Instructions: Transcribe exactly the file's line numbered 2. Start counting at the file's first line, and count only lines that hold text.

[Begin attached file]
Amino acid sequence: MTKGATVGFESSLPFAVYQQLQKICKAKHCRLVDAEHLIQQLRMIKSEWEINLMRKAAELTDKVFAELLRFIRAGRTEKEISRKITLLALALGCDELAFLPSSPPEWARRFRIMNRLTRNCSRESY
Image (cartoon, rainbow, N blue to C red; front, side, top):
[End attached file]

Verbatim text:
Image (cartoon, rainbow, N blue to C red; front, side, top):